Last year, over half a million patients were forced to find a new GP. The current crisis in the NHS raises the question of why the NHS in under so much strain and what more can be done to further support our GPs and practices to build a stronger NHS system.
In 2016, in order to combat the various strains on the NHS, the Graduate Practice Resilience Programme was implemented as part of the General Practice Forward View. The programme’s aims were to provide £40 million over the course of four years to support GP practices, boost the efficiency of services and ultimately, create a more resilient NHS system. The focus on producing a more resilient system is central to the Graduate Practice Resilience Programme’s initiative, to ensure practices can cope with the pressures of an increasing workload.
Nonetheless, the rising closures of practices necessitate more than a ‘resilient’ outlook within the NHS. A new investigation led by Pulse highlights that in 2018, nearly 140 surgeries closed their doors affecting approximately half a million patients.
Can We Pinpoint the Cause?
The investigation conducted by Pulse suggests the likely cause lies within the issue of recruitment. Dr Eamonn Jessup, a former partner in Prestatyn, North Wales suggests the workload within practices spirals, as practitioners of similar ages retire close to the same time.
He informed Pulse, “We were highly profitable, it was a very good functioning partnership. We had 18,500 patients in a seaside area with an elderly population…The problem was, four out of nine partners hit retirement age at the same time. One went ill, so he had to retire. And then I thought, I’m going to be 62, do I really want to have responsibility for 4,500 patients on my head? So we all decided to give our notice.”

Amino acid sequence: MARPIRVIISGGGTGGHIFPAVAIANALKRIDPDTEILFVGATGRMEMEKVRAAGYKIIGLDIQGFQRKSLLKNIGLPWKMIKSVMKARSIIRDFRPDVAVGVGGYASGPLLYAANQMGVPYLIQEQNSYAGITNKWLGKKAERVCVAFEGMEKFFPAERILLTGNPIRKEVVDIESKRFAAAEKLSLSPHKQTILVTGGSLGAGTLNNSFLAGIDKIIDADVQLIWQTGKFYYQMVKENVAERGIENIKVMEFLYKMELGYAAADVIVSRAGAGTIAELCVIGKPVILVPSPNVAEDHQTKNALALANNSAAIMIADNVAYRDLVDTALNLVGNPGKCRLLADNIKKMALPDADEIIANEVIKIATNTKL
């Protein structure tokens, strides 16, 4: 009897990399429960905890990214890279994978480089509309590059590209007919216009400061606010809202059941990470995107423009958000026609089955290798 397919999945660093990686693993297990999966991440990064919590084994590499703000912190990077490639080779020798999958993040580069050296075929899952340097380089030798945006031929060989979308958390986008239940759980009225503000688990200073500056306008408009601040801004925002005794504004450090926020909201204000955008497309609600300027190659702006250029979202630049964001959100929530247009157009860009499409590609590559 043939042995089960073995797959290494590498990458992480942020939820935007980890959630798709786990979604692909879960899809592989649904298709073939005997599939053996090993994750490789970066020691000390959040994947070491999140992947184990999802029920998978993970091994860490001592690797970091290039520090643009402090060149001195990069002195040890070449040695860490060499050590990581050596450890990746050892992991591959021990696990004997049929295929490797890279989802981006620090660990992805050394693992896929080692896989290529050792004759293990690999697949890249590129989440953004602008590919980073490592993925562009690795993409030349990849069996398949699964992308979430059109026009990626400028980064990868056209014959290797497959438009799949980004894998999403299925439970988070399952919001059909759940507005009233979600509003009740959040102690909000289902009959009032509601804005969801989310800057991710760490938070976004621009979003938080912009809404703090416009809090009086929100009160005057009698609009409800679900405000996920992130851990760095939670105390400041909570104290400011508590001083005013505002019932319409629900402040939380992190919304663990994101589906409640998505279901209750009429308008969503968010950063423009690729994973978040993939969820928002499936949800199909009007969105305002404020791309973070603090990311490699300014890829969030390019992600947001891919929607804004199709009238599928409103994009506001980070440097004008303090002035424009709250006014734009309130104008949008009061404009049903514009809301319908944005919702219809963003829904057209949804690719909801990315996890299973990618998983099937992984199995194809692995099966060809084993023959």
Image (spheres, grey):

Tower Hamlets LMC chair, Dr Jackie Applebee emphasised this, stating, “The system is creaking. The smaller practices – which patients prefer and which have good outcomes – are being lost because of the under-resourcing.”
Findings published by NHS Digital this year, underline this crisis of under resourcing within the NHS system and indicate a drop of 444 fully qualified, permanent GPs from 2018. The outcome means GPs must work longer shifts that surpass the safe limit, which could potentially endanger the lives of patients. Pulse’s survey on the workload of GPs demonstrates on average GPs are working 11 hours a day with full time family doctors handing more than 41 patients a day, going beyond the safe limit of 30.
Our Readers' Thoughts
The rising workload GPs face has prompted numerous suggestions from our readers; Mad Coope suggests, “We also need to be looking more closely at on line surgeries/advice sites which may reduce pressure on surgeries.”
Furthermore, to help better manage the working hours of GPs, Karen Lowe proposes an ‘earlier opening and later closing’, alongside the inclusion of a ‘Saturday morning surgery’.
Alternatively, Heather Harris reminds us of the importance of our own individual responsibility, “We also need everyone to think twice, before they go the doctors with things that can be dealt with at the chemist or just at home.”
Concerns pertaining to even being able to book an appointment are another reoccurring, prominent issue. Maureen Brain stated, “There's 9 doctors in my surgery - you still can't get an appointment for up to 3 weeks.”
For individuals with long term conditions, not being able to book an appointment can be even more frustrating and can lead to other implications. Johanne Evans-Hughes highlights this, “I am diabetic and sometimes have to wait over a week to see my diabetics GP.”
The current crisis in the NHS, following the shortage in GPs must therefore be addressed via alternative solutions to help support our medical practices. The adoption of more online medical services, a Saturday practice to balance out the working hours of GPs and more age diversity across all medical specialisms can help foster and build a stronger NHS system, through supporting those at the heart of the NHS, our GPs.